11. Reels: The Swallow’s Tail, The Sunny Banks, The London Lassies
12. Song: An Draighneán Donn
13. Waltz and Reel: Tim O’Leary’s, The Rabbit’s Burrow
14. Jigs: Going to Mass Last Sunday, The Gold Ring, The Battering Ram
15. Reels: Galway Reel, Musical Priest, Sailor On The Rock

karenryan.net

Published on 15 May 2012

 

The Living Tradition: KAREN RYAN WITH PETE QUINN

The Coast Road

Clo Iar-Chonnacht  CICD188

 

London’s vibrant Irish community has, amongst many other things, evolved a style of traditional music, and particularly fiddle music, which is as identifiable as any of the major styles on the other side of the water. Karen Ryan perfectly represents this tradition, being born in London to Galway and Mayo parents and starting to play at the age of nine. She now teaches at the London Irish Centre, is a founder-member of the celebrated London Lasses and directs the Return to Camden Town traditional festival.

 

Accompanied here by partner Pete Quinn on piano and keyboard; Conor Doherty, guitar; Gary Connolly, accordion; Elaine Conwell, fiddle, Teresa Connolly, fiddle, Colman Connolly, uilleann pipes; and her aunt Nancy McEvaddy on vocals, Karen plays mostly fiddle, but with whistle and banjo as well. She has a very clear playing style, which is well demonstrated in the slow air, where she lets the tune take its own time, keeping everything nicely balanced. When things speed up a bit in the jigs and reels, however, there’s no dropping off – each note is well-defined, with a crispness and deftness of touch making for a rare listening experience.

 

Pete Quinn should also get a specific mention for his piano arrangements – not for him the plodding thump that can mar so many otherwise good sets, rather a well thought-out and sensitive range of slightly understated playing, which reminds us what the word “accompany” really means.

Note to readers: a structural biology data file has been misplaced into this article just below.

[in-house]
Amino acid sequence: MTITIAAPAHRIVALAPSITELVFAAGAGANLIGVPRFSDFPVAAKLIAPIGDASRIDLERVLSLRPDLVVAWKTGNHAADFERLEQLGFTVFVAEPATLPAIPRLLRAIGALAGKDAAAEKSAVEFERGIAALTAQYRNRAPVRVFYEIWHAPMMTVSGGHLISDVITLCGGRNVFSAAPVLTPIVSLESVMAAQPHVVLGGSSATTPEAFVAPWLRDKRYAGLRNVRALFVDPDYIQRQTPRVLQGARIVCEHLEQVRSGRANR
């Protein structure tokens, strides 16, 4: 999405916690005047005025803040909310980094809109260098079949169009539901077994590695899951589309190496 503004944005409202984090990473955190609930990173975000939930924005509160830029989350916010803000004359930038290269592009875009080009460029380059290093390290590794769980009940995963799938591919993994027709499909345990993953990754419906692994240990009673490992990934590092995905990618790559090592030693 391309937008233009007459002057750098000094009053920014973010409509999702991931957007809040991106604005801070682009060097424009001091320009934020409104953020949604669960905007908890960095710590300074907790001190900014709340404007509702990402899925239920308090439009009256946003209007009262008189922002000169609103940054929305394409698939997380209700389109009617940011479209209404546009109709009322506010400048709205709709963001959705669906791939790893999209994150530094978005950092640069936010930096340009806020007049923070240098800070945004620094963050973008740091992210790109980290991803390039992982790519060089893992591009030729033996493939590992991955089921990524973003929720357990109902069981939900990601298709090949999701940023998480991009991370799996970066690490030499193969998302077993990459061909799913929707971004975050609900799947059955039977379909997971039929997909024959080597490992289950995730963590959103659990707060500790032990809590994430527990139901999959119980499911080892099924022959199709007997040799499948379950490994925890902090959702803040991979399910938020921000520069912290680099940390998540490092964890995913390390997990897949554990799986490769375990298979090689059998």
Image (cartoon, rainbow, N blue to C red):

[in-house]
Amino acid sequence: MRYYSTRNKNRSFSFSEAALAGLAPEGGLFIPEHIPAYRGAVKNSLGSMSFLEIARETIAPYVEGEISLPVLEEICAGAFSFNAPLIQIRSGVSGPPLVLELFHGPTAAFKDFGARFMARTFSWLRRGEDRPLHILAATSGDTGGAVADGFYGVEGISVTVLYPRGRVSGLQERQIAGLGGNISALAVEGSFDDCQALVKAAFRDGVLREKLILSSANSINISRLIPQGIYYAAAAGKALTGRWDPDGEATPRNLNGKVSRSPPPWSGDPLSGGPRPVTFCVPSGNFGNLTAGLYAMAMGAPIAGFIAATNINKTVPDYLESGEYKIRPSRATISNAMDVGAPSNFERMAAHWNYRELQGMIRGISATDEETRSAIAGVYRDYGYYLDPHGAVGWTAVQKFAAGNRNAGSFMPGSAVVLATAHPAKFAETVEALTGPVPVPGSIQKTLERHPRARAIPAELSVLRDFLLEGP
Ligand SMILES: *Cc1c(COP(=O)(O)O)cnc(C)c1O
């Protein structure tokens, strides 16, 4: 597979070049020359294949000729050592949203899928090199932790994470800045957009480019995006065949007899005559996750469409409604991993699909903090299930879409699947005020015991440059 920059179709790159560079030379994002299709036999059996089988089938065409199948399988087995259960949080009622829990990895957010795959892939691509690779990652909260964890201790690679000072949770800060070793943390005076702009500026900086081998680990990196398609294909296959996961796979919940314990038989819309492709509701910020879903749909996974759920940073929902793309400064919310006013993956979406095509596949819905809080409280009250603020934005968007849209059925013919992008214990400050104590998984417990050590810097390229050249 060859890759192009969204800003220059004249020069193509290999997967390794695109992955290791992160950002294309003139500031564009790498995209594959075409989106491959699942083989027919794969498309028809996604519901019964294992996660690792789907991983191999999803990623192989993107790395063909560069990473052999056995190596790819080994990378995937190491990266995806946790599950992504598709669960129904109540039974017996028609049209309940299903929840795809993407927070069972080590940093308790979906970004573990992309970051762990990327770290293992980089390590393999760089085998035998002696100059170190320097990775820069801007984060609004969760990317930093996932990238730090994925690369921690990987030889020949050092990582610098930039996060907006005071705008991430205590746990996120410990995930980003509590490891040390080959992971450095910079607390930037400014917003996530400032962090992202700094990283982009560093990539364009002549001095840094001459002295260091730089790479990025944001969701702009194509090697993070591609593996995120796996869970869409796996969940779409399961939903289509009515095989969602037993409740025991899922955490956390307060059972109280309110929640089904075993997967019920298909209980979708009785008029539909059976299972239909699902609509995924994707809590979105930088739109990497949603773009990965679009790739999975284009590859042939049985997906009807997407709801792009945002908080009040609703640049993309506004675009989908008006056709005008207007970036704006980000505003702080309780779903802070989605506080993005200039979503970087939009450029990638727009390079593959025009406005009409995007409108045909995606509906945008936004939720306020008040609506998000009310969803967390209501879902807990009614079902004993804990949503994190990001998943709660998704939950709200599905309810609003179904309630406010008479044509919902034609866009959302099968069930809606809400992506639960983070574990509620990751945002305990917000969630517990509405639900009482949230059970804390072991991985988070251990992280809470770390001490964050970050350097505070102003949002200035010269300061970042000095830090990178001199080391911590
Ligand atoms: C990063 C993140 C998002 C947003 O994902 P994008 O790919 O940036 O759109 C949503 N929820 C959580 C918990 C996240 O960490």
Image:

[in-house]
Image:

As I’ve come to expect from Clo Iar-Chonnacht, this is an extremely well-packaged CD, with bilingual notes and information on all the tunes and a transcription of the macaronic song.

Well worth a listen!

 

Gordon Potter

 

The Folk Diary, by Vic Smith

KAREN RYAN with PETE QUINN

“The Coast Road”

Cló-Iar Chonnacht CICD 188

That the London Irish fiddler, some time visitor to Sussex folk clubs, should turn up on that most respected and highly regarded of Irish labels comes as something of a surprise. Most on this label are from rural Ireland but as a great deal of superb Irish music is played in north London, and has been for decades, there is no reason why Karen should not be represented along with her pianist partner

Most of her previous recordings have been as part of the excellent London Lasses, but the extra focus given by this album shows just what a fine fiddler she is. She has a wide and varied repertoire and the album is given extra interest when she occasionally changes to banjo or whistle and towards the end of the album she broadens the scope by introducing friends and relatives that have played with her since childhood.

Ringing endorsements from the likes of Danny Meehan and Brendan McGlinchey in the booklet show just how much Karen is respected in Irish music circles – as teacher, promoter and organiser as well as musician. (VS) www.cic.ie

Irish Music Magazine

KAREN RYAN - The Coast Road 
Cló Iar-Chonnachta CICD 188 
15 tracks, 59 minutes

Of Galway and Mayo parents but born and reared in London, Karen Ryan has been a mainstay of Irish music in the province of Great Britain for longer than her youthful looks would suggest. Whether founding The London Lasses a decade ago, running the Camden Town festival, leading the young Trad Gathering ensemble, or just teaching and playing in sessions across North London, Karen's unruly hair and restless feet have featured in most aspects of the musical life of London's Irish community. Although best known as a fiddler, Karen also plays banjo and whistle on this debut solo recording - no sign of the mandola she's been toting at recent gigs. Several members of the London Irish scene drop in for a tune on The Coast Road, but most tracks are just Karen and her ivory-tickling husband Pete Quinn.